The year draws to a close with Texas in its familiar No. 1 place nationally in capital punishment statistics (18 of the nation's 37 executions in 2008). It has also been a year rich with examples of why this state should stop its error-prone machinery of death.
For a change, discussion about flawed justice need not start in Dallas County, the nation's ground zero for DNA exonerations. Just to the north, Collin County illustrates how even a highly educated, affluent community can get it wildly wrong in the high-stakes gamble called capital punishment.
No murder case more nauseated North Texas than the 1993 strangulation of 7-year-old Ashley Estell after she was plucked from a Plano city park. A Collin County jury deliberated only 27 minutes before convicting serial molester Michael Blair of capital murder. It took far longer – 14 years – for the truth to fully emerge. DNA and other forensic tests undermined the case so thoroughly that a judge dismissed the conviction this summer.
In a second discredited case, evidence has never been a question. Rather, it took 18 years for the truth to emerge about an illicit sexual affair that the trial judge had been having with Collin County District Attorney Tom O'Connell, who personally asked jurors for the death sentence. The double murder conviction against Charles Dean Hood raised serious questions of corrupted ethics this summer, and the courts have yet to address it.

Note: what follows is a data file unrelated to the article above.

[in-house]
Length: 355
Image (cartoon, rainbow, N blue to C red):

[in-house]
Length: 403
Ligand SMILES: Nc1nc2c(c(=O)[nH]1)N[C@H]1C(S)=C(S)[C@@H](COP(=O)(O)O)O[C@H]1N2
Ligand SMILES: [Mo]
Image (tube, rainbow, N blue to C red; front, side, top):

There is no quick or neat fix for breakdowns in justice that range from poor technology to dishonesty among officers of the court. Dozens of DNA exonerations across the state – including the nation-leading 19 in Dallas County – have demonstrated how unreliable eyewitness testimony can be. Further, statistics indicate a disturbing arbitrariness of capital punishment, varying greatly by county. Data also show that a killer is far likelier to die for killing a white person.
It's notable that a veteran state lawmaker from conservative Collin County, Plano's Brian McCall, is sufficiently concerned about the justice system that he favors a two-year moratorium on executions in Texas. Mr. McCall is a Republican with law-and-order bona fides, having authored legislation in 1994 creating the state's first criminal DNA database.
That tool has achieved its primary objective of helping law enforcement officials identify culprits and solve crimes. It has also offered new perspective on how much more reform our system of laws requires before we can be confident that fatal error will never occur in Huntsville's busy death chamber.
It's the view of this newspaper that the justice system will never be foolproof and, therefore, use of the death penalty is never justified.
Mr. McCall comes at the question differently, asserting the deterrent benefits of capital punishment and arguing at the same time for better safeguards against bias and failure.
On the need for better safeguards, this newspaper finds common ground with Mr. McCall. On the need for a hiatus in Huntsville, we hope lawmakers who convene in Austin next year will find the courage confront the issue. READ MORE about why this newspaper reversed its 100-plus years of support for the death penalty.